In comments made to the Las Vegas Sun in February 2013, Elique said, “We’re not going to go around asking, ‘Do you have a license?’ We might shoot you.”
Active shooter scenarios, while tragic, are extremely rare, but students who have earned their CCW permits are more concerned with self-defense than scare tactics.
“We need concealed carry for everyday acts of violence and crime, especially for females for whom firearms are the great equalizer,” said Zachary Guymon, president and co-founder of UNLV’s Students for Concealed Carry.
“Current law only stops law abiding people from carrying on campus,” Guymon said. “If you’re determined to murder, rape, terrorize and assault, would the possibility of a gross misdemeanor really stop you?”
It’s not a stretch to understand why any police chief would advocate for there to be less guns on campus, but that wasn’t always the case for Elique.
As Director of Security and Public Safety at City University of New York, Elique transformed a security force of part-time guards into what the New York Times referred to as, “a cadre of 600 full-time, professional ‘peace officers’ who dress like police officers.”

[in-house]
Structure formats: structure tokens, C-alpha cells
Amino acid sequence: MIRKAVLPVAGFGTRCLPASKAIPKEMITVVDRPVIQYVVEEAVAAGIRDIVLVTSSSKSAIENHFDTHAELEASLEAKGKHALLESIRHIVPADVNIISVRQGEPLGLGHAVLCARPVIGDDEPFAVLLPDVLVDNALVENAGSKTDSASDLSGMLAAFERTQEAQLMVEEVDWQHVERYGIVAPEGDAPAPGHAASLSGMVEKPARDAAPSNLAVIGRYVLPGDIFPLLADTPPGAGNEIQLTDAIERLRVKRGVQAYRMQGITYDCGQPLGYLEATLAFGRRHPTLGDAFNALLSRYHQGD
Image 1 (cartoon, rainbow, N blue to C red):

He also oversaw the SAFE team, a group of 33 specially-trained armed guards who monitored student protests and activism, and according to the New York Daily News, “helped compile and circulate lists of arrested activists-complete with addresses, social security numbers, grade-point averages and race.”
Elique’s office rejected a request for comment as, “all requests for media interviews on this topic within the NSHE system are being handled directly by the system office.” That directive came from NSHE’s Executive Vice Chancellor and former Democratic Attorney General Catherine Cortez-Masto, who isn’t exactly impartial.
But is how Elique feels about this campus reality? Is UNLV, as he said it, “very safe?”
In UNLV’s most recent Annual Security Report, there were 22 instances of domestic violence or stalking reported in 2013. The report lists five forced sex offenses for that year. There was only one reported in 2012. There have been six sexual assaults reported so far this academic year. But what about the neighborhoods surrounding UNLV?